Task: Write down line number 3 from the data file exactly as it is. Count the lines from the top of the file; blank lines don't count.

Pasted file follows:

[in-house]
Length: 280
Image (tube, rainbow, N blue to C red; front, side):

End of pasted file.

Image (tube, rainbow, N blue to C red; front, side):